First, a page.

One month and 1,400 e-mails later, here is a progress report on What Works. That's a series of columns I started last month in which I asked...
One month and 1,400 e-mails later, here is a progress report on What Works.
That’s a series of columns I started last month in which I asked folks to tell me, in 250 words or less, about programs in their communities that have shown success in improving the lives of black children in five specific areas: self-esteem, violence prevention, education, fatherlessness and poverty.
And then came the deluge. So far, I’ve read through about 400 of your 1,400 e-mails. Let me share some impressions:
1. There are some rather … visionary thinkers out there. One person swears transcendental meditation will fix what ails black children. Another says a mass conversion to Orthodox Judaism will do the trick.
2. There is a lot of wonderful work being done out there. At the University of Dayton, for instance, they’ve got an effective college-prep program for at-risk kids. In Baltimore, there’s a high school where I’m told 72 percent of the kids live below the poverty line, but 90 percent go to college. In Indianapolis, they’re using classical music to reach out to kids; in Detroit, they’re using sports; in Miami, they’re using the sea.
3. Many people consider “program” a four-letter word. They wrote emphatic notes stressing the value of stable, two-parent homes, parental involvement — in a word, families. As one person put it, “program smogram.”
I agree. I also disagree.
After all, it is not exactly rocket science that a restoration of families would go a long way toward redeeming African-American children and, for that matter, American children, period. But the truth of that does not foreclose a further truth: If there is a way we can organize to save children who have little or no family support, we should do so with all deliberate speed.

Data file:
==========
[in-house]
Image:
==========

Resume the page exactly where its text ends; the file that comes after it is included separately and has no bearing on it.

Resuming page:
I find it interesting that some of us are suspicious of attempts at social engineering in the lives of black kids. That suspicion is, I suspect, a byproduct of the perception that the Great Society programs instituted by President Lyndon B. Johnson to tackle some of these same issues failed to achieve their stated goals.
I don’t have the space to launch a defense of the Great Society, but I will say this: Even if you buy the notion that it was a total failure — and I don’t — that’s an indictment of that particular effort in that particular era, not of the idea that we can and should seek ways to make a difference.
Indeed, we have historically instituted programs to achieve other socially desirable ends. The Homestead Act of 1862 was passed in order to drive the nation’s population west. The G.I. Bill created a generation of first-time college students and homeowners.
So why is this particular socially desirable end — a world in which black kids live in safe and thriving communities and the education gap stands closed — any different? Why are some of us so quick to conclude that the uplift of their lives is not a matter for the nation’s attention?
I started this series because I got tired of reading stories about isolated successes: Farmer Bob takes at-risk city kids down to the farm and turns their lives around. When I see those stories I always wonder, why can’t we just find a hundred Farmer Bobs and save a few thousand kids?
More to the point, if we know how to do this, if we understand how to get these results, why are such programs the alternative and not the standard? Whatever they’ve got that works, why can’t we make that available to all at-risk kids, instead of a lucky few?
You may think the question is about denying the importance of families. I think it’s about saving black children by any means necessary.
Miami Herald columnist Leonard Pitts Jr.’s column appears Sunday on editorial pages of The Times. His e-mail address is: firstname.lastname@example.org